I regret to inform my regular detractors I have not been axed and nor was I about to be, at least as far as I am aware. I know they would have enjoyed that. However, the fact is I am simply tired and I need time to recharge the batteries. …
And while I have loved, and continue to love, writing this column, I have been missing rather too much of life lately.
Writing takes time. And unless you are lucky and good enough to be able to pay all the bills doing it, the demands of a regular deadline push and pull against the claims of career, health and family. It is often the last of these that suffers most.
My boys are growing up way too fast. I need a few weekends bouncing on the tramp with them instead of sitting at a desk wondering just what to make of the associate transport minister refusing to release a letter sent to the transport minister. I need some time where, when I am begged to come along to the pool on a Sunday afternoon, I can unhesitatingly say yes.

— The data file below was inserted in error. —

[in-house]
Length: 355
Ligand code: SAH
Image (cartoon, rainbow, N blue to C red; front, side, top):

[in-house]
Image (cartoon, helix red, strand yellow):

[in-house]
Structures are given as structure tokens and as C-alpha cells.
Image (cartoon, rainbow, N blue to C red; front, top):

A great call putting family time first. I tend to write my blogs in advance now so that I actually have time during the day and weekends for kicking around a soccer ball with Benjamin.
It is no secret that the ranks of the mainstream media are dominated by liberals in their various Left-wing, centrist and, occasionally, Right-wing forms. Which is not to say that journalists as a whole strive for anything less than fair and objective coverage – which is something I have come to appreciate through dealing with various editors and reporters over the years.
But it has always frustrated me is that, where space is allowed for the non-liberal view, it usually seems that the angriest, least reasonable voices dominate.
Lately, for example, broadcasters have been giving an awful lot of time to spokespeople for the so-called New Conservative Party. This fringe organisation received just 6253 votes at the last election. It has no real prospect of breaking into Parliament.
By contrast, the Opportunities Party won more than 10 times as many votes. How often are its people interviewed on TV?
Liam was a very rare moderate voice.
Somewhere between 30 to 40 per cent of New Zealanders are conservative in their disposition. They are not, as a rule, bigots, know-nothings or uncompromising libertarians. When their more measured views are not properly and credibly articulated in the business of news, liberals let themselves off the hook.
Maybe Stuff will hire someone of similiar ilk to replace Liam?